JICA-RI held launch seminars in April 2017 in Santiago, the capital of Chile, and in Puerto Montt, a city in Southern Chile with a thriving salmon farming industry. The purpose of the seminar was to commemorate the publication of the English-language version, and was attended by people involved in the salmon industry in Chile and Japan. While ISA has been addressed, new efforts are needed due to the abnormal generation of algae and toxic red tide caused by El Niño and other factors. At the seminar, Takeshi Hara (Chief Director of Japan Fisheries Science & Technology Association) talked about the former situation in Chile when he was engaged in the Japan-Chile Salmon Project around 30 years ago as a fish disease expert, and Motohiko Sano (Professor, Tokyo University of Marine Science and Technology) talked about the nature of aquaculture in Japan and introduced red tide hazard countermeasures. Opinions were exchanged regarding how to grow a sustainable, environmentally friendly salmon industry.
With the relevant parties all gathered together on the occasion of publication seminar of the English-language version, including Hara and his Chilean counterpart, we gained a renewed awareness of the significance of the cooperation between Japan and Chile, and how Chileans and Japanese worked together at the time in a variety of areas, not only in salmon farming technology, but also domestic production of eggs, measures against disease and development of feed.
As part of the cooperation between the two countries in the future, "Characterization of Fish-Killing Algae Bloom Holobiome and the Development of a Detection/Prediction System for Industry/Government/Academia Salmon Aquaculture" has been selected as a fiscal 2017 project for the Science and Technology Research Partnership for Sustainable Development (SATREPS) conducted by JICA and the Japan Science and Technology Agency (JST). The study aims to elucidate the mechanism of harmful red tide in Chile—from the viewpoints of both environment and microbiology. I am glad that the seminar was the catalyst for the start of new cooperation.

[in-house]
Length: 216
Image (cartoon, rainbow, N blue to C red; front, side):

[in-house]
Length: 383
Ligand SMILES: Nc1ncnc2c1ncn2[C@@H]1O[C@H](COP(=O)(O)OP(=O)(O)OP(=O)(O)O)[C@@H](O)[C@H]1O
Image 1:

Writing a Book about Japan’s cooperation in Paraguay and Brazil
- What are you currently working on?
I am currently working with a team of people with strong ties to Paraguay to write a book in Japanese on the activities of Japanese immigrants and Japanese cooperation in Paraguay. In the past, Paraguay had a monocultural economy that depended on cotton growing, but in recent years it has seen multifaceted industrial growth in agriculture and agricultural processing with a main focus on soy beans, as well as in the manufacturing industry, such as automotive parts. Paraguay has grown into an export country for soy beans, corn, sesame seeds, wheat, meat, and many other items. It is now the world’s fourth largest exporter of soy beans. We plan to compile information on the Japanese immigrants and JICA’s international cooperation that contributed to that process of development.
In addition, "Developing for Sustainable Agriculture: The Brazilian Cerrado," an English-language book on agriculture in the Cerrado, was published in 2016 as well, but the Cerrado is expansive, and the characteristics of areas within the Cerrado differ significantly, so I have a deep sense that deeper research into these matters is needed. Currently, a team of researchers from Brazil and Japan is conducting such research, and we are considering publication of a new book in English.